I noticed you use a lot of juxtaposition in your photographs, meaning that you capture two contradictory subjects in the same image, often putting the lighter side of life next to the darker side of life. For example, in this photograph, we see colorful balloons, something that normally conjures emotions of joy and happiness, and you contrast this by placing them in a dark room with the eery silhouette of a young man. Why the juxtaposition?
I like the idea of making something that is, isn’t. Pairing two opposing elements together to play off of one another. This photo in particular was very much influenced by The Weeknd. Several of his songs are about parties that he is too high to enjoy.
As a conceptual photographer, how do you make such impossible scenes in real-life look totally feasible and real? For example, this photo absolutely boggles my mind! Amazing.
Photoshop, man. Photoshop.
How do you find your models? Are they friends of yours, people you meet on the streets, or professional models?
When I first started I didn’t have much of a following. My subjects were usually myself or friends I was tight with. Now that I’ve built up a portfolio I’ve branched out to my friends’ friends and so on. I’ve photographed a few girls that I’ve had no connection with. Never any professional models though.
I see that you photograph many of your female models in the water. Is there a reason for this? Is there a message and/or connection you are trying to make between water and the female form?
I’ve never really noticed that! Maybe because the female body and water are just so damn sexy.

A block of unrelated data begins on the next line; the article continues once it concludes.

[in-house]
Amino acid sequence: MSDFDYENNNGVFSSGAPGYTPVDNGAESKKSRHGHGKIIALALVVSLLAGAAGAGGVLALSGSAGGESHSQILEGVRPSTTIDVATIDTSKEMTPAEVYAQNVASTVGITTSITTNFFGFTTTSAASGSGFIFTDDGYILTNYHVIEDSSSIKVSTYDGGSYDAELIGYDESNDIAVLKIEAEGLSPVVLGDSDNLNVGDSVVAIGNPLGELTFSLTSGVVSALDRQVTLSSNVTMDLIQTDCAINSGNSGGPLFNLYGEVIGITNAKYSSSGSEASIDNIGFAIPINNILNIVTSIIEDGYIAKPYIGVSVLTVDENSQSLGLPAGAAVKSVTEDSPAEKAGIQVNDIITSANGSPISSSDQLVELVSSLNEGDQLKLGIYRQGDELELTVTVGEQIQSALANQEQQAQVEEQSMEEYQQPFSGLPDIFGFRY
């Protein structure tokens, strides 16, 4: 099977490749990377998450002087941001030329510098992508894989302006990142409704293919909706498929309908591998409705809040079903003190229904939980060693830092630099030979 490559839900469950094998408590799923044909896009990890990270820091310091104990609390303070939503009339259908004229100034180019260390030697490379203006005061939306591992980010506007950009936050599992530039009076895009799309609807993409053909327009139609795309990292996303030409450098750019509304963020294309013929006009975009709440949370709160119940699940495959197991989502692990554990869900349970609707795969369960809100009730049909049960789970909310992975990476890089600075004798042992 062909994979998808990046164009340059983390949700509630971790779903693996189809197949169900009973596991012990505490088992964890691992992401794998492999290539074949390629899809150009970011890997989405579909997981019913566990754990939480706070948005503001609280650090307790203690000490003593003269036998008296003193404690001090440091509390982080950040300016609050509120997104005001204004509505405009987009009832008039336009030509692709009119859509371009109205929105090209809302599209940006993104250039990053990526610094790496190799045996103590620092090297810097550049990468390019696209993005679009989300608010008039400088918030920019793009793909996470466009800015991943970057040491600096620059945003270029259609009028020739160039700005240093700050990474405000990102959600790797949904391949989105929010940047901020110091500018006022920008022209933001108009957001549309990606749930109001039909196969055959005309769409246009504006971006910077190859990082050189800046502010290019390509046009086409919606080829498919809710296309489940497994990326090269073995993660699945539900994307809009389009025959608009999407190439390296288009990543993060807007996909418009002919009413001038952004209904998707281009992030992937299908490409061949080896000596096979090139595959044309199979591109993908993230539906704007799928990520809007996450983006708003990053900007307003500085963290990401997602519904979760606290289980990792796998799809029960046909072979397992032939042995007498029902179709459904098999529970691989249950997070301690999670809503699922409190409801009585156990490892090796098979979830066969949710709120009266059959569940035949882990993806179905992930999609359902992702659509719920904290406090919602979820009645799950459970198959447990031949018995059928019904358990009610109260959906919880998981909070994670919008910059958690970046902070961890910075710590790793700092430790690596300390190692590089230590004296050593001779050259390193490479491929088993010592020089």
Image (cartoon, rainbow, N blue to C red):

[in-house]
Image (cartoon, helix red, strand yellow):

Besides the photograph that captivated and helped you discover your passion for photography, are there any photographers that have and continue to inspire you?
Of course. Over the New Year’s I had the opportunity to meet my favorite photographers in Atlanta. I felt like a little girl meeting her favorite movie star. Lately I’ve been very moved by Marwane Pallas, Alison Scarpulla and Silvia Grav.
Getting off the subject of photography for a moment, what kind of music do you enjoy listening to and are there any artists and/or bands you like in particular?
I’ve already mentioned The Weeknd. Lately I’ve been listening to a lot of Disclosure, Childish Gambino and Portugal. The Man
You are obviously a young and very talented photographer with lots of potential and, in my opinion, a very bright career in photography ahead of you. In an ideal world, where will you be and what will you be doing in five years time?
In five years I’d love to have my work shown in more galleries. I want to be seen more of an artist than a photographer. I feel like that’s what a lot of us strive for, to be taken more seriously.
What tips do you have for aspiring photographers?
Shoot what you love and use what you have around you. The latter part I only discovered very recently. I’ve always been super jealous that I don’t have the income and off time to travel anymore. I see these photographers taking photos of icy landscapes, sunny beaches and great wonders. “If only I could take pictures there,” I’d keep thinking to myself. It’s taken me years to realize that where I live now is very beautiful. I just had to go out and find it.
Learn more about Mark ‘Bleeblu’ Harless